We’re pretty energized about our community wind project in Northeast South Dakota. It’s by far the biggest community wind project in the state and it’s coming along quite nicely. Dakota Wind Energy has signed over 40,000 acres!

Here’s the release:

Dakota Wind Energy Signs Over 40,000 Acres With Plans To Develop South Dakota’s Largest Community-Owned Wind Farm

Eden, South Dakota – August 27, 2008- Dakota Wind Energy, LLC, a South Dakota community-owned wind development company, achieved an important project milestone today. They now have over 40,000 acres of land under option in connection with its plans to develop South Dakota’s largest community-based wind farm in Day, Roberts and Marshall Counties. This is over half the acres needed to develop wind projects up to an aggregate of 750 megawatts. 750 megawatts of wind projects require approximately 75,000 acres of land for development.

“The landowner interest in our project has been immense, especially with our recently announced intrastate public offering,” says Pete Karlsson, a local project field specialist. “Most landowners who have granted Dakota Wind Energy wind related rights are choosing to become owners in the project company. Everyone involved in this development is extremely dedicated to creating a project that gives landowners the opportunity for potential long-term ownership benefits. These are benefits non-community-based wind development cannot offer.”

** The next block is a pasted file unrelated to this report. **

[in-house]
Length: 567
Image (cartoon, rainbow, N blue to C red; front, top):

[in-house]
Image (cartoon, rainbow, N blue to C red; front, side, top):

Site control is an important part of Dakota Wind Energy’s development process. The local project field specialists in the area, Pete Karlsson, Charlie Kraemer and Brian Stuart, will continue working with landowners on a frequent basis. Dakota Wind Energy hopes to build its first project phase in the next 3 to 5 years.

“We expect our project to be here for the long-term and we want to be proud of how it fits in with the community,” says Mark Lucas, Vice President of National Wind, the manager of Dakota Wind Energy. “Not only is this project designed to provide landowners with an potential income resource and keep additional dollars within the community, we expect it will also provide a source of skilled ‘sustainable’ jobs to the project area. Because the project is intended to create clean, renewable energy, these would be “environmentally preferred” jobs that would not add to air pollution or create additional greenhouse gas emissions.”

Wind Powering America and the National Renewable Energy Lab report that every 100 megawatts of installed wind capacity creates, on average, 10-20 permanent, local jobs and 40-140 temporary, construction jobs, including meteorologists, surveyors, structural engineers, assembly workers, lawyers, bankers, and technicians. Windustry reports that wind energy creates 30% more jobs than a coal plant and 66% more than a nuclear power plant per unit of energy generated.

“We want this project to have a positive, local impact on the community and we are confident that we are heading in that direction,” says Karlsson. “We expect our project alone to add about 75-150 permanent, local jobs and about 300 -1000 temporary, construction jobs to the three-county area.” To learn more about how to participate in this project, please contact Pete, Charlie or Brian at Dakota Wind Energy’s Eden office number: (605) 884-5515.